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The Celiac Section

Going Gluten-Free: It’s A Journey

A Surprising Number Will ‘Cheat’

Dahlia James was diagnosed at age 3, and grew up with celiac disease. But even she often said, “Yes, please” – because that was easier than explaining “why not”. Back then, the Vancouver native preferred to brace herself for the shooting abdominal pains that she would get from the instant Japanese noodle soup or sandwich offered by adults who didn’t know any better.

“When I was around 13, I didn’t understand the severity of the disease,” she says. “I also don’t think anyone knew about gluten-free food. It wasn’t on their radar, and I wasn’t going to put it there.”

Surprisingly, many others feel the same when it comes to the dietary restriction. In fact, only 68 per cent of respondents to the CCA’s survey said they would “never” intentionally eat gluten, while 32 per cent admitted they intentionally eat foods that contain gluten at least once a year.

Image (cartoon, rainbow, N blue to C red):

Marion Zarkadas, one of the lead researchers of the study of more than 5,700 people between the ages of 18 and 93, says she is concerned by findings that show some people continue to suffer symptoms from celiac disease, including joint pain, even after they have eliminated gluten from their diet.

Zarkadas, a registered dietitian and member of the CCA’s professional advisory board, says one of the explanations could be that patients tend to be offered very little support from their doctor after they’ve been diagnosed.

“Maybe the symptoms are due to other conditions they have, or maybe they are unknowingly consuming gluten in something they think is safe,” she speculates. “With celiac disease, after diagnosis, you’re on your own. You’re responsible.”

Next Page: Getting Serious About Managing

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